About 1,973 private sector institutions that failed to comply with the Pension Reform Act 2014 have lost the opportunity to participate in Federal Government businesses and contracts in the current year.
The institutions were refused pension compliance certificate by the National Pension Commission (PenCom) due to non-remittance of pension contributions for the appropriate period and/or non-provision of group life insurance policy for their employees.
This follows an agreement PenCom reached with Bureau of Public Enterprises (BPE), Bureau of Public Procurement (BPP), and ministries, departments and agencies of government as part of efforts to deepen compliance with the pension law.
According to PenCom, during the first quarter of 2019, the Commission received 6,630 applications for the issuance of compliance certificate out of which 4,657 certificates were issued, while 1,973 applications were declined.
The Commission in the first quarter report stated that the sum of N45.90 billion was remitted to 105,382 employees’ Retirement Savings Accounts (RSAs) by the 4,675 organisations that were issued with compliance certificates.
Susan Oranye, executive secretary, Pension Fund Operators Association of Nigeria (PenOp), said compliance among employers and actual remittance were critical for the continued sustenance of the scheme.
Oranye said it was rather unfortunate that some employers that have three employees and above have not thought it wise to embrace the scheme for the benefit of their employees and their organisation. Compliance, she said, not only enhances employees’ commitment to duty and increased productivity but also opens door for the institutions to partake in government contracts.
“I believe that for the benefit of the citizens, the workers, and the economy as a whole, those in authority – BPE, the Bureau of Public Procurement and even the ministries, parastatals and agencies – should insist on compliance with the Pension Act as a precondition to participate in government contracts, irrespective of the size and nature,” she said.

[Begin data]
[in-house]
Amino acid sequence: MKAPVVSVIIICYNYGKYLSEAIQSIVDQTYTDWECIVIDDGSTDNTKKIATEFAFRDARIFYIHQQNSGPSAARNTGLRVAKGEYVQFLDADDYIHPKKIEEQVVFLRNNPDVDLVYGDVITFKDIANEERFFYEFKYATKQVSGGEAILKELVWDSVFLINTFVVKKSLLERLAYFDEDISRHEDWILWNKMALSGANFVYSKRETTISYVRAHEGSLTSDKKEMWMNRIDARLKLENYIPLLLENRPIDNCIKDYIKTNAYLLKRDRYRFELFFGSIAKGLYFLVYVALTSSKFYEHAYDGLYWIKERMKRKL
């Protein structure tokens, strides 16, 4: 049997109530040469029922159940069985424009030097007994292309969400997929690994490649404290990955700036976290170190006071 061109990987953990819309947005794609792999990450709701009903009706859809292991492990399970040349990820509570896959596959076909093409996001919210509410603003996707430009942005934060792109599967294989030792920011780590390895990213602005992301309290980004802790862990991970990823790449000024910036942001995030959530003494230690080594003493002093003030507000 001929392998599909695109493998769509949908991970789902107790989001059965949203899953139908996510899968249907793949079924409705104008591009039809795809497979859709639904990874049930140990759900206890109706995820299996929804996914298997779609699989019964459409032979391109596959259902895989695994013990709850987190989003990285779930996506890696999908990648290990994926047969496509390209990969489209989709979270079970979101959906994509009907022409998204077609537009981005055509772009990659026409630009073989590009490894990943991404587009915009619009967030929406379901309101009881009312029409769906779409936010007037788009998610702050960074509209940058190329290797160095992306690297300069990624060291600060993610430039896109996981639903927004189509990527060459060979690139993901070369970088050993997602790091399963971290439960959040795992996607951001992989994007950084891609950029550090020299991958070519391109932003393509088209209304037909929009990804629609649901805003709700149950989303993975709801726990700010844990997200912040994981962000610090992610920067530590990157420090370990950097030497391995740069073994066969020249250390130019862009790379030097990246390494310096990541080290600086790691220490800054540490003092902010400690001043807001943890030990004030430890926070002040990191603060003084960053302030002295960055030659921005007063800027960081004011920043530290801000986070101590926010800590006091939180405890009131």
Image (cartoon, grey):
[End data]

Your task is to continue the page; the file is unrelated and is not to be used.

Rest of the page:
To enhance compliance with provisions of the Pension Reform Act in respect of group life insurance and contribution remittances, PenCom in February 2019, in an advertorial titled ‘Notice to All Employees on Their Rights to Life Insurance Policy and Pension Contributions’, charged workers to demand for their rights.
“This is to remind all employees in the public service of the federation, Federal Capital Territory and States that have implemented the Contributory Pension Scheme as well as private sector, that it is their rights, under section 4(5) of the PRA 2014, to have life insurance policy taken on their behalf by their employers for an insured amount not less than three (3) times their annual total emolument,” the advertorial read.
“Please note that employees are also required to ensure that all pension contributions deducted from salaries and/ or contributed by employers are remitted to the Pension Fund Custodian (PFC) by the employer not later than seven working days from the date of payment of their salaries,” it read.
The Commission advised employees to report to the Commission where the employer fails to procure the minimum required life insurance policy in their favour, submit the evidence of compliance with life insurance policy to the Commission and place the certificate in a conspicuous place within the organisation, and remit the deducted pension contributions into their Retirement Savings Accounts.
In accordance with the provisions of Section 4(5) of the Pension Reform Act (PRA) 2014 and Section 5.5 of the Guidelines for Insurance Policy for Employees, employers of labour covered by the PRA 2014 are required to submit copies of the insurance certificate with the schedule of benefits to the PenCom.
The insurance certificate should state that all employees are covered up to an amount not less than three times their respective annual total emoluments (ATE).
Employers that have not yet submitted copies of insurance certificate to the Commission were advised to do so before March 31 each year, failing which PenCom would consider such employers in default of Section 4(5) of the Pension Reform Act (PRA) 2014.